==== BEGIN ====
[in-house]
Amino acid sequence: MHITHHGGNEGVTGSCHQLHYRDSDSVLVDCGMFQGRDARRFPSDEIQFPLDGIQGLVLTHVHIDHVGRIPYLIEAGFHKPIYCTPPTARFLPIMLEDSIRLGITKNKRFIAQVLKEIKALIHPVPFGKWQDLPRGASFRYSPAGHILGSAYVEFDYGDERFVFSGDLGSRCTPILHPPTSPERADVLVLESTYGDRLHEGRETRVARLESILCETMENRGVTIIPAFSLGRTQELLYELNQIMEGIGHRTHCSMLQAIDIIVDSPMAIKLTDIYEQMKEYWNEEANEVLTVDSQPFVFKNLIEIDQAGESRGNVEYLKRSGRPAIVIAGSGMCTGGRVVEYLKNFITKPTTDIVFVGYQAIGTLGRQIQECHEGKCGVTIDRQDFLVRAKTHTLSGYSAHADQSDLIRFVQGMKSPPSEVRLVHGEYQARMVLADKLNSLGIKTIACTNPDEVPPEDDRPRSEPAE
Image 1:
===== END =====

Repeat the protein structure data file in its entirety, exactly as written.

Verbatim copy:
[in-house]
Amino acid sequence: MHITHHGGNEGVTGSCHQLHYRDSDSVLVDCGMFQGRDARRFPSDEIQFPLDGIQGLVLTHVHIDHVGRIPYLIEAGFHKPIYCTPPTARFLPIMLEDSIRLGITKNKRFIAQVLKEIKALIHPVPFGKWQDLPRGASFRYSPAGHILGSAYVEFDYGDERFVFSGDLGSRCTPILHPPTSPERADVLVLESTYGDRLHEGRETRVARLESILCETMENRGVTIIPAFSLGRTQELLYELNQIMEGIGHRTHCSMLQAIDIIVDSPMAIKLTDIYEQMKEYWNEEANEVLTVDSQPFVFKNLIEIDQAGESRGNVEYLKRSGRPAIVIAGSGMCTGGRVVEYLKNFITKPTTDIVFVGYQAIGTLGRQIQECHEGKCGVTIDRQDFLVRAKTHTLSGYSAHADQSDLIRFVQGMKSPPSEVRLVHGEYQARMVLADKLNSLGIKTIACTNPDEVPPEDDRPRSEPAE
Image 1: